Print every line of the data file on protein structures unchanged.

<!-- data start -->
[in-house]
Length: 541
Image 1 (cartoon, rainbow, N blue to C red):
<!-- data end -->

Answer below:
[in-house]
Length: 541
Image 1 (cartoon, rainbow, N blue to C red):